The design of stops,scaling in and exits plus volatility factors are way more important than fundamentals or technical entry points.
    Its not about being right-its about winning-thats why Jim Simons has returned 50 times better than Buffett since 1987.
    Van Tharp through extensive research has found trend following to be the most successfull of all inestment styles.

  29. Sandy got a great point.. Everyone entitles to their own opinion but the market is always right. Personally, I had used fundamental approach, momentum, trend following(did’nt realised until I read the book in 2006). Whichever style that everyone has, utimately it will reflect in the result, profit or lost.
    I think trend-following do have better edge over long term as it fundamentally address the issue of individuals feelings when investing/trading/speculating whichever one would called it. Over the years, I’ve seen many people end up much poorer by not getting over their ego when they are investing/trading/speculating. This is especially true when we just went through a dramatic 2008.
    From public results, it seems that Trend-Following system(Super-fund eg.) did fantastically well last year. We can’t just solely rely on fundamental anaylsis to make our trading/investing/specualating decision. Trend-Following system should be incorporated as a major decision instead and refined to suits our individual styles. Utimately, the end results must be profitable. Michael, thanks for your great job! Keep it up…:)

  30. I guess there are a few key lessons from the rhetoric so far.

    1. More than one method can work, given different market consitions. Not just trend following.

    2. People have different techniques and exhibit cognitive bias in favour of their preferred technique.

    3. Survivorship bias will always cast doubt over the winners in trendfollowing, as has been pointed out numerous times above.

    4. Both Michael Covel and (in this case) David Merkel seem more intent on pushing their point of view on this enormously complex topic, rather than keeping an open mind and learning as much as possible from each other.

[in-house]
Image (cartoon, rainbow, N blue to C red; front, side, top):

I also echo the sentiments of Rob (comment14).
    That would seem a more effective way to educate the doubters, rather than spending hours posting blogs and replying to comments.
    It would be a much better use of time to trade one’s own advice and ‘walk the talk’.

    How about it Mr Covel?

  31. Karl I was waiting for a post like Cy’s (see above). There can’t be an honest debate when the other side doesn’t know what they are debating. Some people will see that as an accurate statement on my part and the folks who want dodgeball banned will see it as arrogance. Everyone sees and gets what they want out of this.

  32. I agree with the fact that Merkel’s review is full of assumptions, generalisations, opinion and cognitive bias.
    But, to be fair, your replies invariably display ‘all-or-nothing’ thinking and a ‘black-and-white’ worldview (with regard to trading methodology.

    It sometimes appears that it is ‘Michael Covel’s trend-following’ against the world!
    Is the world really divided into camps? OR is there more to it?

    Ultimately, Michael, the most effective defence in light of ALL the naysayers, doubters and plain fools would be to show your own trend following trading record.

    That would quiet the masses and lend more educational credence than anything said so far.

    How about it?

  33. I do not trade on behalf of clients, nor do I have any intent to do so. If/when I ever did I would meet all disclosures. That said, I trade my own account, make films, and write books. These comments have been posted more than once on this blog. Clearly, the subject of what trend following is has stopped from those still not getting it. Not surprisingly, once inaccuracies were pointed out from my vantage (and others like Cy’s), the naysayers don’t have much to say on the content of my book. If the best that can be thrown this way is “grow up”, “you are not a fund manager”, “momentum is the same as trend following”, etc. etc. — the topic is run its course until the next wayward comment.